“What works in Edina won’t work for all residents of our city,” candidate Jackie Cherryhomes responded. “Minneapolis needs to create green jobs.” Other candidates also bristled at the implication that what succeeds in affluent Edina would sell in Minneapolis. Neighborhoods with lower property values, they argued, would need more local government support.

“We must ‘let a hundred flowers bloom, let a hundred schools of thought contend,’ ” Andrew said, quoting Chairman Mao (didn’t Nostradamus warn this might happen?) to say that green projects could be financed in multiple ways.

Hodges, who chairs the City Council’s budget committee, offered technocratic solutions to make Minneapolis more environmentally efficient, while standing up for light rail. “My goal is to make Minneapolis a city where you can live without a car,” she said. “Investors prefer rail over tires. When we make permanent investments in rail, businesses will make permanent investments around it.”

Hodges, who pointed out several times that she is the candidate endorsed by the Sierra Club, also added that she prepared for this debate by candlelight. Her home still doesn’t have power following last week’s mega storm.

Samuels, the city councilman from poverty-stricken North Minneapolis, lamented how the 19th Century era streetcars were abandoned during the post-World War II automobile boom, calling that “a shameful part of our history”. He advocated bringing them back, not just to reduce automobile usage but, using a somewhat convoluted argument, implying that fewer dimly lit bus stops would reduce crime.

In a nod to the unique plight of his district, Samuels claimed partial credit for the 100 green homes that Habitat for Humanity is building in North Minneapolis. “The worst tragedy would be if we became the greenest city (in the nation) with the largest (income) gap,” he said.

All candidates paid lip service to smart growth strategies that encourage walking, biking, public transit and concentrating new developments in high-density neighborhoods. Cherryhomes admitted that she drives too much, saying, “I’m an example of what doesn’t work well.” Dan Cohen, highlighting the advantages of urban apartments over single-family homes, offered this visual description: “People want to live vertically.”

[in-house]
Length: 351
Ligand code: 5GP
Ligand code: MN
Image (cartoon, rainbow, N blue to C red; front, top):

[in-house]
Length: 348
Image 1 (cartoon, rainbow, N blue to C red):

Moderator Don Shelby asked the candidates whether they supported the idea of the city forming a public utility. Hodges answered that she was uncommitted, but that Xcel Energy, the city’s current supplier, should be pushed to increase its renewable energy standard to 10 percent. Samuels and Cherryhomes also wouldn’t commit.

Winton, who has business ties to Xcel, said the city should renew with Xcel in 2014 — but on a five-year basis, not a 20-year, contract — because “municipalizing” the city’s utility between now and next year would be all but impossible. Winton warned, however, that getting more energy from renewables will increase the price of energy, and not the other way around, as is often claimed in environmental circles.

Winton clashed with his fellow candidates on one final topic: What should be done about the Hennepin Energy Recovery Center (HERC), a waste-to-energy facility in downtown Minneapolis that releases pollutants into the air. In the interest of families living “downwind”, Winton all but called for a moratorium on waste burning at HERC, adding that depositing trash in modernized, underground landfills would be superior.

He added a jab at Cherryhomes for her ties to Covanta Energy, which reached the unpopular conclusion that HERC’s emissions were “within acceptable limits”.

The event was co-sponsored by Minnesota Renewable Energy Society (MRES) and the Minnesota Solar Energy Industries Association (MnSEIA), along with MN350, the League of Women Voters, Windustry, Environment Minnesota, the Minnesota Public Interest Research Group, Fresh Energy, the Will Steger Foundation, Cool Planet, Minneapolis Energy Options and the Citizens Climate Lobby.